Himelsein: No, this is just the first round of the dance competition. We have not yet gotten to the finals! After claiming that new high in mid July of 2017, it spent the rest of the year declining. Talk about a swinger; leaping to new heights only to give it back? But no, it did not give it all back, it gave back only a very particular amount back, right up unto a very critical point.

In December of 2017, after almost 6 months of descent, it stopped, abruptly, at exactly the right point — at our August 2015 high of around $137. Like clockwork, it touched, and then catapulted in the other direction to make new highs within a single month at the end of January of 2018, and then again at the end of March 2018, for the most part, ignoring the broader market’s February tumble.

Like an exceptional wild dancer, it stopped the descent on a dime, tipped its toes the other way in an instant, and then leaped up yet again, to fly even higher.

Kam: You are spot on in terms of a wild ride. I had not noticed how precise the stock had been given how wild the fluctuations were. Is that your main point?

Himelsein: That is a big part of my point. The other big part is that there can be a method in the madness. Recognizing that all market inefficiencies arise from behavioral tendencies, i.e. investors either under- or over-reacting to good/bad news, and the associated pitfalls that surround these reactions, like loss aversion, prospect theory, etc… These drivers often push much wider swings than we’d like. But they don’t change, en masse, what the stock aims to do.

In this sense, it is our job, as investors, to look through the noise, however loud, to find the signal. With Vertex, after its multiple new highs over the course of 2018, including those I listed and more in July, and again in September, it concurrently made multiple higher lows, where the massive broad market correction in December did not even take it to its prior June 2018 low.

Kam: I see what you’re saying. It’s all about looking through the fog, and sometimes while the fog may appear gray, there is something wonderful on the other side, is that right?

Himelsein: Yes. Or in other words, amongst all the market madness of 2018, Vertex appeared, at first glance, just as mad in its own right, giving investors multiple swings in the 20-25% range. But all the while, it was climbing higher, never letting itself break prior low ground, and always reaching new heights. It was establishing a powerful uptrend amongst the market’s violence, as well as its own.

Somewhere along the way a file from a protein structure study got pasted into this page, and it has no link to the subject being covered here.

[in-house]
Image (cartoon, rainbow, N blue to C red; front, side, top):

In sum, its strength has been unbelievable in the face of its peers and the broader market. More so, in the face of its own wildness. Accordingly, if you can handle the ride, get on in, latch yourself down tight, and ride with the wind as it takes us to higher heights.

My Take: Although 2019 is off to a strong start, I think last quarter’s downturn signaled a fundamental change in the market.

One reason is that we cannot count on falling interest rates to drive the market up as they have for most of the past 10 years.

But a second reason is that government policies that would facilitate the movement of capital towards more productive uses seem to have come to a standstill.

Without a supportive monetary or fiscal policy, I am not confident that it makes sense to invest in the market overall. However, even in a bad market, some companies will do well. We have to be more selective now.

I look at 2019’s strong start as giving us an opportunity to get out of stocks that can only move up if the whole market moves up. But getting out of these stocks is only half of the problem. The other half of the problem is figuring out which stocks we want to invest in.

I like the thought process Wayne has been using to reorient his portfolio. A lot of investors have told me they are struggling with the same questions. But Wayne has answered these questions better than anyone for years and has the track record to prove it.

Wayne Himelsein’s Logica Focus Fund (LFF) has an 18+ year track record that extends through 2 market crashes, numerous corrections, and sector rotations. Over that period, Wayne’s model averaged 11.62% a year which compares well to the S&P 500’s 5.57% return for the same period.